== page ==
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High Tech High charter schools

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High Tech High
2861 Womble Rd, San Diego, CA 92106
Coordinates32°43′44″N 117°13′14″W / 32.728750°N 117.220680°W / 32.728750; -117.220680
TypeCharter schools
School districtSan Diego Unified School District[2]
Student to teacher ratio25 to 1[1]

High Tech High is a San Diego, California-based school-development organization that includes a network of charter schools, a teacher certification program, and a graduate school of education.[3] Students are admitted to the public elementary, middle, and high schools through a zip-code based lottery system in an effort to admit a demographically diverse representative sample of San Diego County.[4]


In the time of 1996, forty members of San Diego's civic and high-tech industry[5] assembled to discuss how to engage and prepare more young people for the high-tech industry. Called upon by the San Diego Economic Development Corporation and Business Roundtable, these members met regularly for the next two years to discuss how to engage and prepare local students for high-tech careers.[6] One of these members included Gary E. Jacobs, former director of education programs at Qualcomm.[5]

The original "High Tech High School" is now known as The Gary and Jerri-Ann Jacobs High Tech High.

In 2000, the San Diego Unified School District approved the first charter and construction began in a former U.S. Navy training center in the Point Loma district, now known as Liberty Station, near the San Diego airport. The grouping of High Tech High schools in this area is known as High Tech High Village. With a grant from the Bill and Melinda Gates Foundation, High Tech High opened with 200 students in the 9th and 10th grades in September. In 2003, the first graduating class graduated with 50 students. In 2006, the Statewide Benefit Charter was approved. In 2007, High Tech High Digital Commons launched. In 2009, the statewide Benefit Charter was expanded to K-12.[citation needed]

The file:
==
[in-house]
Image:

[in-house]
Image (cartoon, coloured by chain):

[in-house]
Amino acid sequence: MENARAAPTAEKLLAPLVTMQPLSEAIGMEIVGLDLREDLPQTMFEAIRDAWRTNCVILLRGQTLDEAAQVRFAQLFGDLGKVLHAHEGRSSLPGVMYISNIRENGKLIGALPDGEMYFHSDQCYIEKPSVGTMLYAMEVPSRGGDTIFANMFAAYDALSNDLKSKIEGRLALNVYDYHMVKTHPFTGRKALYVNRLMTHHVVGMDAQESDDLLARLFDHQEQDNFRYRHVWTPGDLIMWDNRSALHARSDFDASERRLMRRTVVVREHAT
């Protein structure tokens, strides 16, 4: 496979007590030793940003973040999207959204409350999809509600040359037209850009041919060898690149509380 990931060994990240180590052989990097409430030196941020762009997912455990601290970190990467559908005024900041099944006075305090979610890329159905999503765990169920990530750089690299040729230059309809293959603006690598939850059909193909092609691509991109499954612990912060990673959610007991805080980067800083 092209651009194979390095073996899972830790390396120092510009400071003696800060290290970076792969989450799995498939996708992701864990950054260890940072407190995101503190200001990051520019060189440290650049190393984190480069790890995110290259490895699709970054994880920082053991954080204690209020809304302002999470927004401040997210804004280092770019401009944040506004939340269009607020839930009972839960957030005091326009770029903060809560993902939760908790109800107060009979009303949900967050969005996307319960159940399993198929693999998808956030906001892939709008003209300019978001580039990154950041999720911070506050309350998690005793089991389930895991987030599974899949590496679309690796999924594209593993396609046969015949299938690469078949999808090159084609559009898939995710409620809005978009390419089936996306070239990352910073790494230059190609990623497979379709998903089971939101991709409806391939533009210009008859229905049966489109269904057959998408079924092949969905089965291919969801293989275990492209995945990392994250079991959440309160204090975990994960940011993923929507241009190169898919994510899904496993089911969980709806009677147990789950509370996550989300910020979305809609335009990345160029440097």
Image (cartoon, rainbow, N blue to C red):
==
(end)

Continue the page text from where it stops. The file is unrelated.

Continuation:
In 2010, it had approximately 3,500 students in high, middle, and elementary schools. The HTH website states that in 2010, 100% of high school graduates were accepted to colleges, of which 80% were to four-year institutions.[7] As of 2008, 99% percent of graduates had entered college.[8] As of 2015, 98% of students attended college after graduation, with around 75% attending 4-year schools. According to statistics from that year, students of HTH scored higher than others within their demographic groups elsewhere in the state.[9]


Based on the 2019–20 school year, 503 students attend High Tech High.[10] When divided by grade levels, 126 students were in 9th grade,127 in 10th, 130 in 11th, and 120 in 12th. The school is 46.1% Hispanic or Latino, 31.8% White, 8% Asian, 8% two or more races, 5.2% African American, 0.6% American Indian or Alaskan Native and 0.2% Native Hawaiian or Pacific Islander.[11]

Program design principles[edit]

The High Tech High program and curriculum evolved from the work of Larry Rosenstock and colleagues in the New Urban High School Project, an initiative of the U.S. Department of Education's Office of Vocational and Adult Education.[12] The focus was on inner-city high schools using school-to-work strategies, including internships and other forms of field work, as a leverage for whole-school change. The findings of the NUHS were summarized in guides centered on six design principles. The school is virtually textbook-free.[13] HTH is structured around four design principles, including three from NUHS and one developed by HTH:[14]

  • personalization
  • adult world connection
  • common intellectual mission
  • teacher as designer

These principles determined the schools' organization, including their small size, the openness of the facilities, personalization, emphasis on integrated and project-based learning, and display and exhibitions of student work. All students are required to complete internships in the community. HTH director Ben Daley described the school's approach: "We are teaching students to think deeply about content and then do something with their knowledge, not just race through a textbook.”[15] According to Rosenstock, who became a CEO of HTH, a slogan at High Tech High is: “You can play video games at HTH, but only if you make them here.”[16]

Governance and funding[edit]

The schools operate within the San Diego Unified School District but the High Tech High organization is governed by three independent boards of directors:[17]

  • The High Tech High Board operates as a public agency and has governance and fiduciary level control over all HTH schools.
  • HTH Learning is a private nonprofit that oversees the facilities that house the schools of High Tech High. It is also responsible for the adult learning programs, including the teacher certification program, and the related residencies and institutes.
  • The High Tech High Foundation is a private nonprofit responsible for securing the philanthropic support needed to develop High Tech High schools.

The schools are publicly funded although they have received grants from private companies and organizations. The Bill and Melinda Gates Foundation contributed $17 million between 2000 and 2006.[18]


Formerly there was also a High Tech High Bayshore, in Redwood City.

Student learning[edit]